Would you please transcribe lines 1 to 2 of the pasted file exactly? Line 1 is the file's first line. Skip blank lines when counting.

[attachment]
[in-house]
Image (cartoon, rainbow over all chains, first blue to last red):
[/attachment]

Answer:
[in-house]
Image (cartoon, rainbow over all chains, first blue to last red):